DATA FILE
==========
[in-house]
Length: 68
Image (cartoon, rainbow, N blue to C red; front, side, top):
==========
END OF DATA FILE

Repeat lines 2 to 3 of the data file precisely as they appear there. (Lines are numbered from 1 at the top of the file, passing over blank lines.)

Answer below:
Length: 68
Image (cartoon, rainbow, N blue to C red; front, side, top):